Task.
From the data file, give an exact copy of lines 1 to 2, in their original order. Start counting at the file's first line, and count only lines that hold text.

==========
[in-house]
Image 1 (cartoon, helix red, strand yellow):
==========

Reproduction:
[in-house]
Image 1 (cartoon, helix red, strand yellow):